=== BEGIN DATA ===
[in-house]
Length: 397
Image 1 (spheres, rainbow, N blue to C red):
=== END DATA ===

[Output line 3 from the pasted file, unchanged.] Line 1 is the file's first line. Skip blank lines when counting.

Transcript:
Image 1 (spheres, rainbow, N blue to C red):